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Promoting nurse resilience
By Keith Carlson
Nurses face daily situations that can powerfully challenge their personal and professional resilience. Compromised nurse resilience is one factor that contributes to nurse burnout, compassion fatigue, absenteeism and, ultimately, attrition from the profession. Resilience is not a luxury for nurses, and the forward-thinking nurse manager will monitor the nurses under her charge for signs of weakening resilience.
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House Medicare Bill Includes RNs in Incentive Program, DME Orders
Medicare Bill Passed by House Would Seek Expanded Use of Nurses’ Services
APRNs Would Gain Ability to Order Medical Equipment after Meeting with Patient
American Nurses Association – A bill passed by the U.S. House March 26 would alter the Medicare payment system to provide incentives for quality, efficiency and innovation, and would include certain registered nurses as part of the incentive payment program. The bill also would include certain nurses under health care provider eligibility requirements for prescription orders of durable medical equipment for Medicare patients. Read full press release.
Experiences of CDC and Emory Healthcare in Managing Persons Under Investigation for Ebola: Free Webinar
Date: Tuesday, March 31, 2015
Time: 2:00 - 3:00 p.m. (Eastern Time)
Click here for more information.
MISSED AN ISSUE OF THE AZNA TODAY? |
Click here to visit the AzNA TODAY archive page.
Mark your calendars for upcoming AzNA events.
|May 1||Promise of Nursing
||The Arizona Biltmore|
|July 25-26||27th Annual Southwestern Regional Nurse Practitioner Clinical Symposium – SAVE THE DATE! Registration Opens in April 2015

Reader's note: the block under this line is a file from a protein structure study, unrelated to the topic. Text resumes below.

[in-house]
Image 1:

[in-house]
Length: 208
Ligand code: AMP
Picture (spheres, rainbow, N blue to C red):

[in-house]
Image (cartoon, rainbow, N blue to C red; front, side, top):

|Sept. 23-25||AzNA Biennial Convention — The Changing Landscape of Healthcare: Trends in Nursing Leadership, Practice & Education – DATE CHANGE! MARK YOUR CALENDAR!
||San Marcos Resort, Chandler, Arizona|
RN license fees & financial stability of Arizona Board of Nursing at risk
Urge your Senator to Vote Yes on HB 1296 by pressing the TAKE ACTION NOW button on AzNA’s engage page to target YOUR Senator with a letters from an RN constituent. Don’t forget to put “RN “ beside your name in the letter. A description of the reasons to support this bill can be found there as well as a letter to send automatically. As of last Thursday, the bill was still waiting for a final vote in the Senate. HB 2196 would continue the feeless system required by the Federal Government by operating a basic nurse assistant registry for CNAs (“Certified Nursing Assistant”). It also will provide a fee-based licensing option LNA (“Licensed Nursing Assistant”) to nurse aides who wish to pay a fee for a license that will expand their employment opportunities and allow them to become Medication Assistants
EDUCATIONAL EVENTS & RESEARCH
Survey Response Requested
The University of Nevada School of Medicine has been approved by the Office of Human Research Protection to conduct a research survey investigating endoscopy nurses' and technicians’ perceptions of procedure quality. The study is lead by Christian Stone, M.D., M.P.H., Chief of the Division of Gastroenterology at UNSOM.
Participation in this study is voluntary and data will be collected anonymously.